How the US Syria exit could serve Iran’s designs – Analysis
BEIRUT – US President Donald Trump’s decision to withdraw US troops from Syria risks shattering a cornerstone of Washington’s Middle East policy by allowing Iran to consolidate a “land bridge” to the Mediterranean.
The much-bandied about scenario that sees Iran redrawing the regional map by entrenching a land corridor across Iraq, Syria and Lebanon is becoming a reality, analysts said.
Critics of Trump’s decision argue that, for all his fiercely anti-Iranian stance, he has gifted Tehran a decades-old strategic goal.
Trump made the shock announcement December 19, saying the troop deployment in Syria was no longer needed because the Islamic State (ISIS) had been defeated.
Many in his own camp challenged that assessment and warned that such a move would abandon the ground to the United States’ main regional foe.
The top Republican and Democrat on the House Armed Services Committee issued a rare joint statement warning against “a strategic error” that would empower “malign actors such as Russia and Iran.”
Iran has thousands of regular forces deployed across Syria in support of the Assad regime, as well as thousands of militiamen from various countries it supports.
“It is clearly a strategic victory for Tehran,” said Middle East analyst Julien Theron. “It will allow it to remove the Western buffer between Syria and Iraq.”
The United States has approximately 2,000 forces deployed in Syria in two areas along the Iraqi border that did not fully block Iranian movement but kept it in check.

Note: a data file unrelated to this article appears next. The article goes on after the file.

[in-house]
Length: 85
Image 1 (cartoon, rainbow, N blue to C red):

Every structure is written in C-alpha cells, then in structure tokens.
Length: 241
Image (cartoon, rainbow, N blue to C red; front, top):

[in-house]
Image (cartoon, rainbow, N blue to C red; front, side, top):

One is in support of Kurdish-led forces spearheading the battle against ISIS east of the Euphrates River in north-eastern Syria. The other is further south at the Al-Tanf desert base, where Damascus and its allies have repeatedly said US troops had no reason to be.
US troops in Iraq and Syria keep some level of pressure on the “Iranian land bridge,” stretching from Iran to the Mediterranean.
Syria’s government, which has recently been reclaiming control over large areas of territory it lost when the war broke out in 2011, is aligned with Tehran.
The government in Iraq, a regional Sunni bastion until Saddam Hussein’s fall in 2003, is Shia-dominated and militia groups loyal to Iran play an important security role across much of the country.
One of the reasons for the White House to oppose a “land bridge” is preventing Iran from expanding its military footprint, including to positions in Syria and Lebanon near the border with US ally Israel.
“The White House should understand that a key element of its Iran policy is at stake here,” the Washington Institute said in a policy paper. “Namely, the effort to keep Tehran from entrenching itself in Syria, establishing a land bridge to Lebanon and directly threatening Israel.”
Significant parts of Lebanon are controlled by Hezbollah, a Shia organisation with very close ties to Iran and a powerful military branch.
Hezbollah was created at Tehran’s initiative as an anti-Israeli proxy, a few years after the 1979 Islamic Revolution in Iran.
Bassam Abu Abdallah, who heads the Damascus Centre for Strategic Research and is close to the government of Syrian President Bashar Assad, said, however, that the effect of the US withdrawal was being exaggerated.
US national security adviser John Bolton had previously said US troops would remain in Syria as long as Iranian forces remained deployed there.
Abu Abdallah argued that, similarly, Iranian troops would be less needed once US forces leave.
“There is no doubt that this withdrawal will lead in the long term to a scaling down of the Iranian military presence but the conditions are not yet there for an easing of the military deployment,” he said.
Aaron Lund, an analyst at the Century Foundation, said it was too early to say who would fill the security vacuum left behind by the Americans.
“I think we’ll have to wait and see what happens, how quickly and completely the United States withdraws and who fills the void. It could get really messy,” Lund said.